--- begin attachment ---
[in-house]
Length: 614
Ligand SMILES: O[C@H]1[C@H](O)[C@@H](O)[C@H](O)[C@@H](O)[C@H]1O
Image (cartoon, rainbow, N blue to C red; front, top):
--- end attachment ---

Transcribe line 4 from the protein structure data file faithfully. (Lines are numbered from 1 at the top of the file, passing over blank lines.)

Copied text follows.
Image (cartoon, rainbow, N blue to C red; front, top):